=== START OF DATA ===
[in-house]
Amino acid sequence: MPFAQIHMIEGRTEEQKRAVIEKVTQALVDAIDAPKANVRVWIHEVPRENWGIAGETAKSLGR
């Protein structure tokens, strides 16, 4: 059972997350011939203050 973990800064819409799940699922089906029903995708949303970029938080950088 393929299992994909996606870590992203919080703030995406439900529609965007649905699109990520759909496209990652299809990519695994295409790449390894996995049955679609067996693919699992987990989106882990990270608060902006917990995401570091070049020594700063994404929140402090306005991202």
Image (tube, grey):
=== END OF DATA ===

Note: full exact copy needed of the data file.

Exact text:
[in-house]
Amino acid sequence: MPFAQIHMIEGRTEEQKRAVIEKVTQALVDAIDAPKANVRVWIHEVPRENWGIAGETAKSLGR
């Protein structure tokens, strides 16, 4: 059972997350011939203050 973990800064819409799940699922089906029903995708949303970029938080950088 393929299992994909996606870590992203919080703030995406439900529609965007649905699109990520759909496209990652299809990519695994295409790449390894996995049955679609067996693919699992987990989106882990990270608060902006917990995401570091070049020594700063994404929140402090306005991202």
Image (tube, grey):